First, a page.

A Stonewall spokesperson said they were “very proud of all of our work supporting schools to create supportive and inclusive environments which help everyone feel accepted for who they are”.
They added that the advice given to schools is “robust” and “in line with the Department for Education’s guidance for schools in England, and the Equality and Human Rights Commission’s Equality Act Code of Practice”.
This post originally appeared on Daily Express :: UK Feed
Randi Weingarten, president of the nation’s second-largest teachers’ union, called on Thursday for a full reopening of the nation’s schools for the next academic year, saying: “There is no doubt: Schools must be open. In person. Five days a week.”
Her remarks come with about half of the nation’s public schools not offering five days per week of in-person learning to all students and with many families uncertain about whether they will have the option for a more traditional schedule in the fall.
Teachers’ unions have been one key barrier to a broader opening this school year, accused of slowing reopening timelines as they sought strict virus mitigation measures, even after teachers began to be vaccinated in large numbers.
“It’s not risk-free,” said Ms. Weingarten, president of the American Federation of Teachers, which has 1.7 million members. She argued that the health risks could be managed through a range of practices — some of them relatively simple, such as masking and handwashing, and some of them more difficult to achieve at scale, such as decreasing class sizes to maintain distance and procuring additional spaces to meet outside cramped school buildings.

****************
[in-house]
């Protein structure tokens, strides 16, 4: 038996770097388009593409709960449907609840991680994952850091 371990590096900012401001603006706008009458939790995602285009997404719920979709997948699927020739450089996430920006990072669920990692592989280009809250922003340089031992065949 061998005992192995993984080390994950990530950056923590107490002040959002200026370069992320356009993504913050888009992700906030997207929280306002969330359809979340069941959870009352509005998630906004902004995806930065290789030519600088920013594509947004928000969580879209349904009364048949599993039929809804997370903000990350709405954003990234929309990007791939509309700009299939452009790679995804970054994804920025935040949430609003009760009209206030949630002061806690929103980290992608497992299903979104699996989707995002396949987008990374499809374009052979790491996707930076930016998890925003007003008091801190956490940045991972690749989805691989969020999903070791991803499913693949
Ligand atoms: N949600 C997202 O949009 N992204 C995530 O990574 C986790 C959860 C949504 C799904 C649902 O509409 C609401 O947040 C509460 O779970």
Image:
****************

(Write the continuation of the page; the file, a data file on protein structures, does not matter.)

“The United States will not be fully back until we are fully back in school. And my union is all in,” Ms. Weingarten, a close ally of President Biden, said, pledging to commit $ 5 million for a campaign in which teachers will host open houses and go door to door to build families’ confidence in returning to school.
But her remarks came on the same day that federal health officials advised that fully vaccinated individuals could stop masking and distancing in most indoor and outdoor settings. The timing seemed to underscore just how cautious schools have been and the pressure they will be under to reopen.
It is not entirely clear how the guidance will apply to schools, since it is not known when vaccines will be approved for students under 12 and what percentage of older students will be vaccinated when schools open in the fall.
Ms. Weingarten’s speech is sure to be greeted skeptically by some parents and school district leaders, who have been frustrated by some local unions’ insistence on two-hour school days — so students will not need to remove masks to eat lunch — or ambitious ventilation system overhauls instead of simpler solutions, such as fans and open windows.
And it is an open question whether the 3,000 local affiliates of the American Federation of Teachers will adopt Ms. Weingarten’s proposal. This winter, she repeatedly said it could be safe for teachers to return to classrooms before vaccination, a position that was a nonstarter for unions in cities like Chicago and Los Angeles.